As you’d expect, this suffers from the same problems as Jastrow, Nierenberg and Seitz vs Hansen and so is unsalvagable (the Energy article is from 1991, and the book from 1990, so presumably came first; either way, for some reason they were sufficiently proud of this drivel to want to re-publish it, which is amazing). There is some other stuff in that chapter, but I don’t think it is interesting, other than perhaps to note that they quote D V Hoyt as the source of the assertion that NH aerosols haven’t been increasing. This allows them to rather casually dismiss aerosols as a possible cause of the 1940-1970 cooling, as they put it. IPCC ’90 (to which JNS had access, remember) cites a number of studies for the increase in aerosol (section 1.8.1). JNS just use Hoyt, which is to say Hoyt, D. V., 1979. Atmospheric transmission from the Smithsonian Astrophysical Observatory pyrheliometric measurements from 1923 to 1957. J. Geophys. Res., 84, 5018-5028, errm, and I think you can see the problems there. So, once again, selective use of the wrong sources whilst ignoring the right sources wins the day, hurrah.

I think that is enough for one day. If my strength doesn’t fail me, I may manage to press on a bit further tmorrow.

[Update: well, there is more but it is much the same. So I’ll leave it at that.]

Jastrow, Nierenberg and Seitz vs Hansen

Right, the previous thread has spilled off a discussion of Jastrow, Nierenberg and Seitz and their representation of a Hansen et al. figure. I have the feeling that the JNS paper may have appeared in multiple places, but the one I have access to is:


There is a lot wrong with that abstract (culminating in the once-traditional but now discarded over-reliance on the S+C satllite record) but the bit that is of immeadiate interest (because it figures in the previous discussion) is their take on figure 5 from Hansen et al. Which is:


And which they “reproduce” as:


The “2” after “Hansen et al.” is a ref to the 1981 Science paper, so we really are talking about the same thing. They don’t say which figure, but it has to be fig. 5 (but see-also below the fold).

So, is their reproduction fair?


[Update, and post pulled to top (original publication date 2010/08/26) to show it: I’ve now discovered something vaguely interesting, in reading the “original” Nierenberg report, chapter 5 (which I never got to in my “book club” series). That is, their fig 5.8. Which is – ta da – the Hansen 1980 figure, panel (a) only: ie, just the CO2. But it is a faithful reproduction of the original – same obs, same start and end times, and the model line isn’t shifted downwards. So my guess would be that JNS got their fig from the Nierenberg report, rather than going back to the original. That doesn’t excuse them, of course. But it interesting that fig 5 of the Nierenberg report makes similar claims to JNS: it notes that the figure doesn’t match the temperature record very well (der, of course it doesn’t), and it fails to note, in that section, the other panels of the Hansen figure. So, who wrote chapter 5? Gunter Weller, James Baker, W Lawrence Gates, Michael MacCraken, Syukuro Manabe, Thomas Vonder Haar. I don’t know all of them, but at the very least Manabe and MacCracken cannot possibly be called “skeptics”. So how did that figure and discussion got into a chapter with their names on? Aha, because that section is about CO2 asa causal factor. They go on to reproduce the other panels of Hansen’s figure, including the combination-of-all-factors panel. So chapter 5 is OK; but JNS isn’t.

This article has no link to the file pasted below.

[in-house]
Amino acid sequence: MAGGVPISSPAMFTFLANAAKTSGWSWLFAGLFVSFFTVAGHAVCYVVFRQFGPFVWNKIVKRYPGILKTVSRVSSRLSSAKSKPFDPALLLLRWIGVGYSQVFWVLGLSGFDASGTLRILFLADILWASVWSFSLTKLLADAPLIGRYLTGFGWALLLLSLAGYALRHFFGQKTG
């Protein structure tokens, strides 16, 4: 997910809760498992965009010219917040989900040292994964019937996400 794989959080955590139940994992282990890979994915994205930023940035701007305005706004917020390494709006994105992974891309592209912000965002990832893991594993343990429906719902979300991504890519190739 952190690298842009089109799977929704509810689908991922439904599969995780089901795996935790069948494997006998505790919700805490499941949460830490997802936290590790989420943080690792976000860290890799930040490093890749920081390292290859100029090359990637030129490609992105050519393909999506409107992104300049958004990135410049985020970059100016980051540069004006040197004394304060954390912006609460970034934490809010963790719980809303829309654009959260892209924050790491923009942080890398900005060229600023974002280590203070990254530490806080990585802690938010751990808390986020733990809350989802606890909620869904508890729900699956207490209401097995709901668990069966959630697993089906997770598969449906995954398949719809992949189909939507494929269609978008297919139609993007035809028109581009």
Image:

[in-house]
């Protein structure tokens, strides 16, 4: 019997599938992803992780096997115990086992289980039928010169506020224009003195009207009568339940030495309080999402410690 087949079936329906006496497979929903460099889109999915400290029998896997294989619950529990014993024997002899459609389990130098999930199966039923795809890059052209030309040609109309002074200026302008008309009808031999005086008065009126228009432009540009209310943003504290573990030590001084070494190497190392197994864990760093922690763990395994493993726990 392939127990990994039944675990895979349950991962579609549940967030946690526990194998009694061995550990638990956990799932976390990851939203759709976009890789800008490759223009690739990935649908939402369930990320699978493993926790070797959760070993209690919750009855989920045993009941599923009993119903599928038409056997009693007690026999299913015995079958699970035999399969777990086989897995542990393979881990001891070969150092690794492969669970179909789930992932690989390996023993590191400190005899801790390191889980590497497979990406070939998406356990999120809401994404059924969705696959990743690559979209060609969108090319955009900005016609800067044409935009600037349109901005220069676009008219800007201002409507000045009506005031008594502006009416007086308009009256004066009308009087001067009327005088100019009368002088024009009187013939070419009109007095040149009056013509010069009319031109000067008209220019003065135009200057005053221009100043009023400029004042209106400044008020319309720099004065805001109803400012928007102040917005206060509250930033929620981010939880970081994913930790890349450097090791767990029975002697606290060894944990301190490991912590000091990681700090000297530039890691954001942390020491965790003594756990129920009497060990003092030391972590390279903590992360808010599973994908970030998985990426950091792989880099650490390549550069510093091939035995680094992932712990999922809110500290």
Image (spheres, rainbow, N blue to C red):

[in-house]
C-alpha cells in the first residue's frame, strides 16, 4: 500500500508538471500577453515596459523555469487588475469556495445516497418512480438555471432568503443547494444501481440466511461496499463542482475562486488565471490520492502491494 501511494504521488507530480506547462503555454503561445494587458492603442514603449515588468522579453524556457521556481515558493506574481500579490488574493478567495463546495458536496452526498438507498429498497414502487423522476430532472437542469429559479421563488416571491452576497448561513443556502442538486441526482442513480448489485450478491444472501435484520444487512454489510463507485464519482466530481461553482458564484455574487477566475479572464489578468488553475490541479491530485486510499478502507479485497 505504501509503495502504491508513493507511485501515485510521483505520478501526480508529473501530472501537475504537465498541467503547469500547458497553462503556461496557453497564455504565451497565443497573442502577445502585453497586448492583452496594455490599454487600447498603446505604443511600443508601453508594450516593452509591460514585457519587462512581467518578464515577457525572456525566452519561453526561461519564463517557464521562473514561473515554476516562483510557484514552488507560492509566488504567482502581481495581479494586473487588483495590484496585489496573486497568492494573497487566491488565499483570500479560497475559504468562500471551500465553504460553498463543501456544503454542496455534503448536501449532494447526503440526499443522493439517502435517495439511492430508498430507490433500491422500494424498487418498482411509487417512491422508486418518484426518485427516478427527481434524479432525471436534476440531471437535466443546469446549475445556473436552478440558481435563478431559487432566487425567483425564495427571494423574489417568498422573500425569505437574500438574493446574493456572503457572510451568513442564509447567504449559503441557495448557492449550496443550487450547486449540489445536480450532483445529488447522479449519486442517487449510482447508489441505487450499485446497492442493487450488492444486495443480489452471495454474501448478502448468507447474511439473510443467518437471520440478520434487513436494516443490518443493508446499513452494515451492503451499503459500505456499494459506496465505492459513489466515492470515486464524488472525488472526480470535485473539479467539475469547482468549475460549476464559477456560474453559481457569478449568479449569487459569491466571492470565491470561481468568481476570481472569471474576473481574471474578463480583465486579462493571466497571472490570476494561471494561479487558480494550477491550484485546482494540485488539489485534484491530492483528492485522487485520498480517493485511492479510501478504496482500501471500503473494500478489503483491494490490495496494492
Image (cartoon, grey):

Also: I knew I’d seen and discussed this fig before: and the answer turns out to be Chez Eli – where else? But it was nearly 2 years ago.]
Continue reading “Jastrow, Nierenberg and Seitz vs Hansen”

Nierenberg vs Oreskes, round 2 (or maybe 3; I lose track)

Back in 2008, I examined the Oreskes vs Nierenberg affair and concluded that Nicolas Nierenberg was correct and Oreskes was wrong. And then NN capped that by actually writing stuff up into a paper, published in July of this year: Early Climate Change Consensus at the National Academy: The Origins and Making of Changing Climate.